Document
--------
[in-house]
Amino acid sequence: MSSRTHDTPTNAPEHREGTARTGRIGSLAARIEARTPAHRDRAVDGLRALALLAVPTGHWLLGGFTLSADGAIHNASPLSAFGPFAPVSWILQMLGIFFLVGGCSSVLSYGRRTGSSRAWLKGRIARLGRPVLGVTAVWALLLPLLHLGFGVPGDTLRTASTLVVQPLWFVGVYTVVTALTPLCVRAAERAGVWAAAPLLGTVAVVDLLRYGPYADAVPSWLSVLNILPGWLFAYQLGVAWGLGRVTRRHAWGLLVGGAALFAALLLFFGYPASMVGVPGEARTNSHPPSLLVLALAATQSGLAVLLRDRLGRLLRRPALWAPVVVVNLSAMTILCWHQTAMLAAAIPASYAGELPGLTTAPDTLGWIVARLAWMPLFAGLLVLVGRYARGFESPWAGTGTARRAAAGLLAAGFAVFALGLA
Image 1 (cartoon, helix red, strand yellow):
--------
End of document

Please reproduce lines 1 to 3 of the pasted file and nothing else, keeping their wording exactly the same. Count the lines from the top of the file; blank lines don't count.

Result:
[in-house]
Amino acid sequence: MSSRTHDTPTNAPEHREGTARTGRIGSLAARIEARTPAHRDRAVDGLRALALLAVPTGHWLLGGFTLSADGAIHNASPLSAFGPFAPVSWILQMLGIFFLVGGCSSVLSYGRRTGSSRAWLKGRIARLGRPVLGVTAVWALLLPLLHLGFGVPGDTLRTASTLVVQPLWFVGVYTVVTALTPLCVRAAERAGVWAAAPLLGTVAVVDLLRYGPYADAVPSWLSVLNILPGWLFAYQLGVAWGLGRVTRRHAWGLLVGGAALFAALLLFFGYPASMVGVPGEARTNSHPPSLLVLALAATQSGLAVLLRDRLGRLLRRPALWAPVVVVNLSAMTILCWHQTAMLAAAIPASYAGELPGLTTAPDTLGWIVARLAWMPLFAGLLVLVGRYARGFESPWAGTGTARRAAAGLLAAGFAVFALGLA
Image 1 (cartoon, helix red, strand yellow):